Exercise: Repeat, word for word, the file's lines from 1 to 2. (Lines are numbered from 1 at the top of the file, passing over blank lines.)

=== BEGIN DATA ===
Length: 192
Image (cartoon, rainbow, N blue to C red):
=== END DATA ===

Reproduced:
Length: 192
Image (cartoon, rainbow, N blue to C red):